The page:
Come what, May? A review
At the end of 2011, I asked myself if life could possibly get any better. In a year, I had travelled Europe, moved interstate, visited my original state six times, gone to the Northern Territory twice and to Adelaide once. I'd started several new jobs, a new degree and made dozens of new friends. I went to tens of fantastic events across my new city. And then, to polish off the year, I ran away to Ghana.
At the end of 2011, I knew 2012 would be big. I didn't think it would be this big.
May 2012 has been one of the most intense - physically and emotionally - months of my life. Ever. It's been a learning curve, an international journey, a time of new friends and, often, a time of tears. Change isn't always easy. And just when you think you've gotten things sorted, life throws yet another challenge at you. Or more specifically, at me.
A perfectly cut, perfectly green lawn sitting underneath grand old shady trees, park benches at the side and quiet pairs walking past, minding their own business. My cousin was driving us around in her classy Mustang, looking for exactly the right spot. Lost, she decided we should get out of the car and wander on foot. "It's just over here," she called. We'd been drawn to exactly the right spot in this idyllic landscape. "There are the Cousin M's parents, and your grandparents are just up here, see? All the brothers and sisters and their partners together." And there, beneath our feet, was our entire family. The tightest family of ten children, with thousands of stories to boot. The sisters from whom my grandmother 'borrowed' clothes to win best dressed in her class despite the family living hand-to-mouth, the war-years where the women fretted together and from which the men luckily returned, the fights and the tears, the smiles, the family to conquer all families with their noise, character and sense of belonging. The family I remember fondly from one entirely overwhelming evening in my grandparents' home, seemingly three hundred strangers poking and prodding my five year-old body with a knowing kindness that I could not at all understand. A night where I searched desperately for the cousins for whom I wrote with adoration letters of "I love you" and from whom I sought the safety of their grown-up arms. And there, at the end of the row in this beautiful park, were my grandparents. My eyes welled up with tears for two people I hardly knew yet, surely, knew me more than I will ever understand. For my grandma, we left two roses because "she always liked to have more than her sisters" and red roses were always her favourite. For the first time in a long, long time, I got to say Shalom. As we climbed back into the car, I knew this was hello, goodbye, and peace be with you.
I hardly had time to say hello to Chicago before I said goodbye. A whirlwind tour of my dad's old stomping grounds was like some bizarre walk through a history steeped in the sepia of Dad's many stories. These were the mean streets my dad walked, the cleaned streets of a changed city. In the Windy City, feet move fast on the pavement and the stories are lost on the zephyrs that whip down the sky-scraping tunnels. If you move your head just right, you might catch a long-lost echo of time.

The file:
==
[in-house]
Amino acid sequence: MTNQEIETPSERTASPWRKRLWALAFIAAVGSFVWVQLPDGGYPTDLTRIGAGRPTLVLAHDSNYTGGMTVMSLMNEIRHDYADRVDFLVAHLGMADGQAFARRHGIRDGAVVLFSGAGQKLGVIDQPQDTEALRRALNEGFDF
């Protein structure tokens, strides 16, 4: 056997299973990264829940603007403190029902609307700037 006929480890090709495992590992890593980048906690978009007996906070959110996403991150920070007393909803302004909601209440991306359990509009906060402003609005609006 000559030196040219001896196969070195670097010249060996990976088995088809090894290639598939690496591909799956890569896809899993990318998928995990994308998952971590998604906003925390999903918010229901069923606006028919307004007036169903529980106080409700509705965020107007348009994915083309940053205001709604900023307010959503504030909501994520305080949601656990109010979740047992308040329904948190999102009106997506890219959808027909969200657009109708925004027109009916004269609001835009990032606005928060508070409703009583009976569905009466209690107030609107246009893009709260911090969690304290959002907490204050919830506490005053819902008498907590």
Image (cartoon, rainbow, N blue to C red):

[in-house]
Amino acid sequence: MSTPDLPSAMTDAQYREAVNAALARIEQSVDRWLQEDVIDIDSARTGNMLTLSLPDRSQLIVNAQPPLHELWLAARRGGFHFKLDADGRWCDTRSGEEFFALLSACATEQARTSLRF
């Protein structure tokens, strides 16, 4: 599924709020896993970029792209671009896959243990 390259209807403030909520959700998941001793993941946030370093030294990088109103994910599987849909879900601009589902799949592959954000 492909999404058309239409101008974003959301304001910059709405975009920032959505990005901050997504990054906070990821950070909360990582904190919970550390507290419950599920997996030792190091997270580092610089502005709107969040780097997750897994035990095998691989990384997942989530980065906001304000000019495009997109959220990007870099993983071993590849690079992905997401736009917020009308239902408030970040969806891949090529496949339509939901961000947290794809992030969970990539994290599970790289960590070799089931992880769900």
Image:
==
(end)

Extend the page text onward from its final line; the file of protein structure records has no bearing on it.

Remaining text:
Before I knew it, I was jetting off to San Francisco, the last stop on my four-city, two-week tour of the US. Family history was replaced by the forward-thinking and entrepreneurial spirit of the city that lives in a bubble almost immune to the ups and downs of the rest of the world. It was here that I cocooned myself in cafe couches for hours, absorbing the spirit of the city and turning it into productivity. A newly-born project went from late-night collaboration on the back of hotel stationery to an excited and solid collaboration. The cogs were turning the wheels on time and with them grew the fabric of my future. It was here I caught up with old friends making new plans and new friends solving old problems. In the Bay Area, anything is possible.
Anything, that is, except stopping time. Five days into May, the bell tolled for my return to Sydney. A fourteen-hour flight brought me right back to the reality of lectures, early mornings at clinical school, bills and piles of washing. Being me, I has also pre-booked much of my first week with catch-ups, Skype-meetings and participating in University research studies. That, and Living Below the Line. Exhausted, lacking in nutrients and slightly overwhelmed, I spent my first weekend home sitting in the park working on both my Vitamin D levels and my ability to talk really quickly.
The month continued to fly by, meetings and class, work and friends all melding into one chaotic rush. I spent a weekend down in Melbourne as a late Mother's Day gift. It was a 36-hour visit that involved multiple restaurants, two galleries, five friends and no study whatsoever. The emails that welcomed me home promised endless hours of fruitful intellectual adventure. Projects that had been sitting on the back-burner suddenly came into play, dreams progressed towards reality, old friends got back in contact and as quickly as everything changed, it shifted back into a new place.
TEDxSydney came, inspired, and went, coinciding with the beginning of Reconciliation Week. An email read at some ridiculous hour of the night informed me that I'd been accepted for a workshop interstate. An interview on the Tuesday lead to an international Medical Placement scholarship for December delivered on the Thursday.
And at the end of it, I ask, "come what, May?" You were intense, challenging, overwhelming, incredible, eye-opening, exciting, frustrating, upsetting and utterly unexpected.
And then came June...